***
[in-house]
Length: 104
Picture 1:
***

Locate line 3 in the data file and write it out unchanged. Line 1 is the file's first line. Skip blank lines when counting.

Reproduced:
Picture 1: